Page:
What a thrilling ride the space program was in the 50’s and 60’s. Russia whizzed off Uncle Sam with a little metallic sphere called Sputnik, and the race was on.
John Kennedy, still stinging from the Bay of Pigs fiasco, made a speech in 1961 in which he set the goal of landing a man on the moon before the end of the decade. It made the public go “hmm . . .”
And, though it seemed like a very difficult goal to reach, on July 20, 1969, it was accomplished. And if you remember JFK, you also remember that moment when an announcement was made: “Houston, Tranquility Base here. The Eagle has landed.” And a few hours later, Armstrong’s immortal line was spoken as he casually stepped out onto the moon, for the first time in human history.
I remember getting to stay up late to watch the event. I watched breathlessly as he descended the ladder, stepped off, paused a moment, and stated “That’s one small step for (static) man, one giant leap for mankind.”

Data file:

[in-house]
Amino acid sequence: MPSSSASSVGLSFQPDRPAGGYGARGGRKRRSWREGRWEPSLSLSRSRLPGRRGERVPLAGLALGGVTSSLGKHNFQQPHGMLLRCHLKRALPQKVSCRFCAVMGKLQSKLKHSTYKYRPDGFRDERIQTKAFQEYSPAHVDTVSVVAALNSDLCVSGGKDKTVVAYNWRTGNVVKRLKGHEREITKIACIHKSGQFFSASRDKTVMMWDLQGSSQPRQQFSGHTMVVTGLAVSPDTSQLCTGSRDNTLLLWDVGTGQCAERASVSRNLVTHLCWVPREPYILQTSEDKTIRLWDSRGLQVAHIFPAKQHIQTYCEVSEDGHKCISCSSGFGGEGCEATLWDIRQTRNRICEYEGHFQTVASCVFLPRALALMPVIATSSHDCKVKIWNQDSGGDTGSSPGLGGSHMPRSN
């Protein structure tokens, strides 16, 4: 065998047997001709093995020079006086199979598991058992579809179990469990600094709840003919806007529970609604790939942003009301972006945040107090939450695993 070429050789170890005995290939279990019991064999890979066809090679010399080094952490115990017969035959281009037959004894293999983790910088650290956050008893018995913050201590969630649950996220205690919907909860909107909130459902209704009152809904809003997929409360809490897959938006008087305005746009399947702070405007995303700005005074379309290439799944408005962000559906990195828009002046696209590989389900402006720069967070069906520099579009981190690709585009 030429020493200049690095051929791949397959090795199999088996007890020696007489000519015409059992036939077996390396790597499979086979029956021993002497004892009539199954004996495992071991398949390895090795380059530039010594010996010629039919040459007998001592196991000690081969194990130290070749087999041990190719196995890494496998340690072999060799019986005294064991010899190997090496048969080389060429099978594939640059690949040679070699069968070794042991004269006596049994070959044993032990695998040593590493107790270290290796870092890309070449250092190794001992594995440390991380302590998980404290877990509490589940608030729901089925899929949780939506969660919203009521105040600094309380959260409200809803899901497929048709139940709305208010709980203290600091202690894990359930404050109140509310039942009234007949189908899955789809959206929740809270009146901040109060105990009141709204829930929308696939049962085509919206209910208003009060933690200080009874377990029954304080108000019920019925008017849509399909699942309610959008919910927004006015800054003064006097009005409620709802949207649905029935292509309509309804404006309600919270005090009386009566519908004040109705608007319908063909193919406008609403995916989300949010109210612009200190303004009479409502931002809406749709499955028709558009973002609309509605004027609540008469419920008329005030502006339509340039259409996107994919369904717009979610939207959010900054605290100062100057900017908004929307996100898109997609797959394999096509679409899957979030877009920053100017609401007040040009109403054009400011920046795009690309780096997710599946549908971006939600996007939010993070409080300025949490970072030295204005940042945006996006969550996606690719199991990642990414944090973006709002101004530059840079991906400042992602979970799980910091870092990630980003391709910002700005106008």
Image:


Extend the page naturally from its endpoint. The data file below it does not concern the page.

The static forever raised the issue of whether Armstrong flubbed his line. An “a” would have made more sense. But the static could well have covered it up.
Such is human nature. Perhaps the single greatest accomplishment of the 1960’s, and we argue about what exactly was said. All I know is that if I had just taken control of a spacecraft from a computer that was guiding it towards a field of boulders, found a better landing spot, and set the craft down with 15 seconds of fuel, my first words would probably have been “Holy crap!” or something to that effect.
I remember walking out in the yard and looking up at the moon, a little bigger than half full. I was stunned at the age of nine that, at that moment, men were walking on its surface.
We didn’t realize it at the time, but this was the climax of the space program. Many more trips to the moon were planned, but some were canceled as public interest waned and the cost of the trips was seen as too much when we had problems here on earth.
Speaking of that, one more permanent effect from that night in July so long ago was the addition of this introductory phrase to man’s vocabulary: “If they can put a man on the moon, then why can’t they . . .”